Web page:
The first Republican to hold the job for 40 years, Mr Gingrich has amassed more power than any modern Speaker. But tact and patience are not his strong suits, while outbursts, gaffes and sundry outpourings of patented Gingrich future-babble are daily occurrences.
Some pronouncements, such as the claim of widespread drug use by White House staff and his call for the US embassy in Israel to be moved to Jerusalem, have serious political and diplomatic implications.
Others are comic. Take the Speaker's views on women in combat: "Females have biological problems staying in a ditch for 30 days because they get infections and they don't have upper body strength ... Men are basically little piglets, you drop them in the
ditch and they roll around in it."
On the other hand, Mr Gingrich declared, if combat is "being on a cruiser managing the computer controls for 12 ships and their rockets, a female may be dramatically better than a male who gets very, very frustrated sitting in a chair ... because males arebiologically driven to go out and hunt giraffes".
Unsurprisingly though, the public is deeply unsure. According to a Wall Street Journal poll yesterday, people, by a 31-28 per cent margin, have an unfavourable view of him. By three to one, registered Republicans feel the more moderate and pragmatic Bob Dole, the Senate Majority leader, better represents their party and its values.
In purely political terms, Mr Gingrich's biggest problem remains The Book Deal: the planned political opus for which he accepted, and later under fierce pressure renounced, a $4.5m (£2.9m) advance from a publishing house owned by Rupert Murdoch.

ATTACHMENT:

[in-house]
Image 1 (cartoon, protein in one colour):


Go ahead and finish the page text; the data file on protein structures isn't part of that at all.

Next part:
On Wednesday, the rumpus brought chaos to the House floor as Republicans used their majority to cut off Democratic criticism of the deal - only to be accused of imposing a "gag rule".
Mr Gingrich yesterday was his usual defiant self: he stood by his comments on women's role in battle, while the book dispute was "silly".
But the verbal fireworks signify something more serious - the virtual end of any pretence at bipartisan co-operation. House rules are strict, but Democrats may well now use every trick to slow the Republican steamroller behind the "Contract with America", even where they agree, such as over the balanced budget amendment, welfare reform and tax cuts.
Yesterday, after renewed squabbling over the "gag", the House began debating "unfunded mandates", the proposed abolition of the practice whereby Congress imposed laws on states without providing necessary funding. Democrats have tabled dozens of amendments. The issue is crucial to the balanced budget amendment, which faces a struggle in both chambers to secure the needed two-thirds majority for a constitutional amendment.
But all is overshadowed by Mr Gingrich and the possibility, dreaded by Republicans, relished by Democrats, that a self-immolating Big Bang is at hand.Reuse content